a = w^2 * r
    F = ma
    w = 2 pi * freq

    ... F = M (w^2 * r)
    ... F = M ( 2 pi (rpm/60)^2 * r)

    Convert to SI, and substitute:
    ... F = 0.0075kg (2 pi ( 9360 / 60 )^2 * 0.006m
    ... F = ~432N
    ... F = 432 kg m/s^2

    So, the instantaneous "centrifugal force" wanting to fling the magnet off of the disk is 432N. The magnet is gripping to the disk of it's own strength at 1100N, given all above assumptions.

    You've also then got to consider the friction of the magnet sliding across the rotor, and the force of the zip ties holding it there. The zip ties are applying a downwards force on the magnet (and pushing the rotor back into the magnet), increasing the relativistic weight of the magnet on the rotor. With some quick googling, it looks like 10lbs is an appropriate tensile strength of small zipties.

    If the front wheel of his GS500 starts travelling > 15000RPM, then that magnet is going to fly with around 12kg of force for it's cubic centimeter, and put a really nice hole in his radiator.


    Please be aware, it's just gone 2am, there's probably a error or two in the above. Don't be angry at me if you all lose your magnets :p
    • Like Like x 1

  15. =D> ORZ
    Awesome physics, the last time I did f=ma was too many years ago. This is way too hard core for my morning read with only 1 dose of caffeine!

    Clift notes - so if I don't go over 15000rpm then i'll be fine? and the closer to the centre the magnet is mounted, the less likely it's gonna fly off due to less force?

    atm the magnet is ziptied and glued on.

    I'm just amazed at how far out my speedo is - no wonder in my first week of riding when I was sticking to the speed limit on the road, all the cars behind me seems to be a bit annoyed :-k
  16. With all that math you forgot that there is a final drive ratio, usually about 3:1, depending on front/rear sprocket sizes.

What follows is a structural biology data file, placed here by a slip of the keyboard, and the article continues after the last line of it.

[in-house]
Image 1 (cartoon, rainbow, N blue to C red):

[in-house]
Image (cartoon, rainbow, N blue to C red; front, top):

I suck at arithmetic, let alone mathematics, so I'd guess that the front wheel speed, which will be similar to that of the rear wheel, should be a third of that 9,360 RPM figure quoted above.

    Say, at max speed it's then about 3,000 rpm, at legal speeds it will be a fraction of that.
  17. close ..

    but the 1100 you referencing to is the force normal to the contact surface between rotor and magnet? which then you add the tension in the zip ties.

    then the centripetal force is actually that normal force multiplied by the friction co-efficient based on the surfaces of the magnet and rotor. if magnet is in a plastic cover this will be quite low. so the holding force is probably a magnitude lower than what you calculated?

    anyway ...

    it is a tad silly to attach a setup in this way me thinks. :)
  18. Why do you ask this?

    I installed a Simga Sport cycle computer onto my CBR1000F about 8 years ago because of the same reason - no clock. I carried it over to the Blackbird, even though it does have a clock. Did this because it's cheaper than a Speedo Healer and it offers me a basic trip computer into the bargain.

    I use a rare earth magnet for the pickup. It pretty well "glues itself" to one of the disc's retaining bolts, but a dab of Locktite industrial strength adhesive has ensured that it's permanency for the past 60,000 km.

    I calibrated the CC against a Garmin Etrex Legend GPS on a local road which is flat, straight and fairly quiet and is about 4km long before it ends.

    I did a number of runs, each at a steady 100 km/h indicated, each time stopping to adjust the wheel size setting until both speed and distance traveled equaled what the GPS was telling me.

    And I can say that it's spot on up to $2.60...
  19. agreed .. best way to work out wheel rpm vs speed is to calculate wheel circumference then can get rpm from speed. going of engine speed is a pain. which is why all the ecu driven speedos of today instantly become wrong with a sprocket change

    sbb .. shutting up now .. my work should not become attached to riding ;)
  20. I would am not sure about the connection with the cable ties on the brake rotor, why not just silcone the magnet it into one of the many holes on the brake rotor. Mine has never come out after 30 thou km's